Lunch Break/Free Time: 12:00pm- 1:30pm, (participants are responsible for their own lunch)
Afternoon Session: 1:30pm-4:00pm, Mechanical Engineering, Rm. ME-314, 111 Church Street SE, Minneapolis, MN 554551:30pm-4pm: Hands-on Computer Workshop with Software ‘Mountains Map 6’Participants will be sharing computers but also have the option of downloading the 24 hour trial version and use their own computer (not Mac compatible)
Friday May 13th: Dr. Christopher Brown
Morning Session: 8:30AM - 12PM, Burton Hall, Rm. 123, 178 Pillsbury Drive SE, Minneapolis, MN 554558:30am-9:00am: Informal Greeting, discussion, and Breakfast (Tea, Coffee, and Pastries provided)
9:00am- 10:15am: Lecture
Lunch Break/Free Time: 12:00pm- 1:30pm, (participants are responsible for their own lunch)
Afternoon Session: 1:30pm-4:00pm, Mechanical Engineering, Rm. ME-314, 111 Church Street SE, Minneapolis, MN 554551:30pm-4pm: Hands-on Computer Workshop with Software ‘Sfrax’Participants will be sharing computers but also have the option of downloading the 30 day trial version and use their own computer (not Mac compatible)
Refreshments: Coffee and pastries will be provided during the morning sessions for all registered participants.
Lunch and Dinner: If any students are interested in having an expense-paid meal with the speakers for either Lunch or Dinner, please email me (space is limited, but I encourage you to respond).
Parking: If you are unfamilar with the UMN campus please note that street parking is virtually non-existant and garages can be quite spendy.Information on parking/transportation options
Parking in the Maroon lot is a reasonable option, though allow yourself at least 15 minutes to walk to campus from the lot.
The bus is another good option
Thank you all again for your interest in this year's course. Your participation is what makes this event a success and a unique opportunity for colleagues to share, learn and develop new skills. Please don't hesitate to contact me with further question or information requests.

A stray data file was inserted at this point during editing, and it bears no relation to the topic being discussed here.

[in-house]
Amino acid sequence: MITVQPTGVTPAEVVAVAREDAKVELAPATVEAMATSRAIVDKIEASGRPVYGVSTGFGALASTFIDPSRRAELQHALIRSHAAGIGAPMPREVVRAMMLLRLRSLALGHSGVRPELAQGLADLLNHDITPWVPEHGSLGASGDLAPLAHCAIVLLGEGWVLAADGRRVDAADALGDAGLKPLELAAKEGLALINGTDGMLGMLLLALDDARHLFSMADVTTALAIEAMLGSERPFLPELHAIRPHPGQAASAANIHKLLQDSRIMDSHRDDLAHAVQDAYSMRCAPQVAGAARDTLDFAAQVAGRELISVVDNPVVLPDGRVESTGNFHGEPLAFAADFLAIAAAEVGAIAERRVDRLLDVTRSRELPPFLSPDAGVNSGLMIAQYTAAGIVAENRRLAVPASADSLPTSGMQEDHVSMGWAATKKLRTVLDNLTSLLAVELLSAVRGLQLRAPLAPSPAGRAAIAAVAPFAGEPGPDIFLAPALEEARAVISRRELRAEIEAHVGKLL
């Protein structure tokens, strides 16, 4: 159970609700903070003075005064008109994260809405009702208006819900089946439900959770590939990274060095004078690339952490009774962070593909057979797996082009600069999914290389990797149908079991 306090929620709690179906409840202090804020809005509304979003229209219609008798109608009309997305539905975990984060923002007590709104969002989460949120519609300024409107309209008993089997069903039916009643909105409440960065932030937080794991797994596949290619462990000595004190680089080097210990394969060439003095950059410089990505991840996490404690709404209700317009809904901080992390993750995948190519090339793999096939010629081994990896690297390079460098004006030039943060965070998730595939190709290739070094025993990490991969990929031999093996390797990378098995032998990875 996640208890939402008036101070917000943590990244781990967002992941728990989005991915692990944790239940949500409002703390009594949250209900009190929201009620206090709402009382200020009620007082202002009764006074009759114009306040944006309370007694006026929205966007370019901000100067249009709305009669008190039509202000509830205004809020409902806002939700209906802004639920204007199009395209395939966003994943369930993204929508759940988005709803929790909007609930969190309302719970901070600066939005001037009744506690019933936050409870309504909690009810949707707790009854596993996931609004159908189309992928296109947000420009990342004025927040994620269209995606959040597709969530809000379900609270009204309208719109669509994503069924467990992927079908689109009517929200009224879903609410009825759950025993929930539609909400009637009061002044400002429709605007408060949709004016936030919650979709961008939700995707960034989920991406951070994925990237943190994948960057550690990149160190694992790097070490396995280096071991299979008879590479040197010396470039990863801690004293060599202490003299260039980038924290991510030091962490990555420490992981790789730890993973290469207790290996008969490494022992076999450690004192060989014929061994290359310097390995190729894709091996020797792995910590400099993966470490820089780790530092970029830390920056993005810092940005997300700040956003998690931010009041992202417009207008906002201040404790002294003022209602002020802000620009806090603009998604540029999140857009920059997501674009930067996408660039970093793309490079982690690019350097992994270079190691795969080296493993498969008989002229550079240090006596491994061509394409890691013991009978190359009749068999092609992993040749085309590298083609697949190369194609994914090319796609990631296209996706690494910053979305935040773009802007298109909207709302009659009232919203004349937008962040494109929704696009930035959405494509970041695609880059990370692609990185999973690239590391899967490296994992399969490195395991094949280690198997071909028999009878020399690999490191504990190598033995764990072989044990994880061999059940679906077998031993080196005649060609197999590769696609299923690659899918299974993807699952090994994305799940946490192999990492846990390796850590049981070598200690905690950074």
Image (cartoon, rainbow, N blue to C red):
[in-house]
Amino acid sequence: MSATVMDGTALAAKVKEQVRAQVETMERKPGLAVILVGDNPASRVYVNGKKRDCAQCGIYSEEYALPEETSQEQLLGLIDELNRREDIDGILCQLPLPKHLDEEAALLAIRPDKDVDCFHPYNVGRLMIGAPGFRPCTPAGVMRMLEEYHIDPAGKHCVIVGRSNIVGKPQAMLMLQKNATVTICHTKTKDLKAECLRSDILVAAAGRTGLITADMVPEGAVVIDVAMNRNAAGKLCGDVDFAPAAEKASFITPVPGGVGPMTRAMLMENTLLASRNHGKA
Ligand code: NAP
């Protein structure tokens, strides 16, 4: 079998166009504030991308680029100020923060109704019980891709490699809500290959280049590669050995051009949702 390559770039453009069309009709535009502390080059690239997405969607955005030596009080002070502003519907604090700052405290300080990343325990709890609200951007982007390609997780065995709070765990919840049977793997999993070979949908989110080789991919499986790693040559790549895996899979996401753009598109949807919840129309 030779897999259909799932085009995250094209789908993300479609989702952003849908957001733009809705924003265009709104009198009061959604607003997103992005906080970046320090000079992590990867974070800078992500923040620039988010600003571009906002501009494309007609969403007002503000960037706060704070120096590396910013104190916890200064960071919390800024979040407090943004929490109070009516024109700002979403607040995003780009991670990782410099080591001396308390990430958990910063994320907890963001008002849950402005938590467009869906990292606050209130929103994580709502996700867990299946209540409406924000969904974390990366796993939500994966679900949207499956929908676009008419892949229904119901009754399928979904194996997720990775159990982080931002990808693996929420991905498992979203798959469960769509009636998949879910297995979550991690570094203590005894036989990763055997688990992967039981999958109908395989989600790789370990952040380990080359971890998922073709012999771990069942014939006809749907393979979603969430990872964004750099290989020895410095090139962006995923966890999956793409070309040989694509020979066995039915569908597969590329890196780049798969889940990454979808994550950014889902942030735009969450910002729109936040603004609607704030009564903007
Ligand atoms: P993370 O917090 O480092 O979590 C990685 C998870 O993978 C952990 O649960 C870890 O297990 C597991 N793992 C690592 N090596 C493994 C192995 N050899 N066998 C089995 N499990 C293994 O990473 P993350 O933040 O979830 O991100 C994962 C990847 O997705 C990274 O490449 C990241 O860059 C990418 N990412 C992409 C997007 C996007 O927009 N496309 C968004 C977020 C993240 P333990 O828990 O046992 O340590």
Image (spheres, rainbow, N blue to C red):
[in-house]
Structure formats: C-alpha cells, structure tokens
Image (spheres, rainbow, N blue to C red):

September 22: Carrie Jennings, Minnesota Geological Survey
Ice Dammed Lakes in the Altai Mountains of Southern Siberia
September 29: no seminar
October 6: Lee Frelich, Dept. of Forest Resources, University of Minnesota
400 years of fire and wind in the Minnesota's Boundary Waters Canoe Area
October 13: Brandon Curry, Illinois State Geological Survey
Episodes of low dissolved oxygen indicated by ostracodes and sediment geochemistry at Crystal Lake, Illinois, USA
October 20: Kendra McLauchlan, Dept. of Geography, Kansas State University
Ecosystem Response to Changes in Climate and Vegetation During the Holocene: Sediment Records from Deming Lake, Minnesota, USA
October 27: Herb Wright, LRC/Dept. of Earth Sciences, University of Minnesota
Lakes of Two Types Produced by a Spectacular Landslide in the Zagros Mountains, Iran
November 3: no seminar - GSA
November 10: Scott St. George, Dept. of Geography, University of Minnesota
Tree Rings as Climate Proxies on the Northern Plains
November 17: Amy Myrbo, LacCore, Dept of Earth Sciences, University of Minnesota
The manoomin project: multidisciplinary core-based research by Native students on wild rice lakes of the Fond du Lac Band of Ojibwe Reservation, northern Minnesota
May 12, 13, 14, 9 AM - 4 PM (lunch 12-1 PM)
University of Minnesota - Minneapolis campus
Dr. Gavin will present Wednesday morning on charcoal records and niche models.
Wednesday afternoon Dr. Revenaugh will provide a review of concepts and methods in spectral analysis in preparation for more advanced statistical presentations on Friday.
Wednesday location (all day): Burton Hall, Rm. 120, 178 Pillsbury Drive SE, Minneapolis, MN 55455
Dr. Blaauw will present Thursday morning on radiocarbon age-modeling and statistical interpretation of proxy archives.
In the subsequent afternoon session Dr. Blaauw will present methods using the statistical package R.
Thursday location (morning): Burton Hall, Rm. 120
Thursday location (afternoon): Mechanical Engineering, Rm. ME-314, 111 Church Street SE, Minneapolis, MN 55455
Readings 1 2 3
Lecture part 1
Lecture part 2
Workshop part 1
Workshop part 2
Workshop part 3
The short course will conclude on Friday morning with Dr. Emile-Geay describing systematic ways of aggregating proxy information into quantitative climate reconstructions;
in the afternoon session he will facilitate use of his methods using MATLAB.
Friday location (morning): Civil Engineering Building, Rm. 212, 500 Pillsbury Drive SE, Minneapolis, MN 55455
Friday (afternoon): Mechanical Engineering, Rm. ME-314
Readings 1 2
Code for MATLAB exercise
Presentation part 1 | part 2
Introduction to MATLAB by R.L. Spencer and M. Ware, BYU
MATLAB intro (USC GEOL540 course material)
For more information contact:
Andrew Haveles (have0118 at umn.edu)
Allison Burnett (burne093 at umn.edu)
The deadline for registration was April 28th.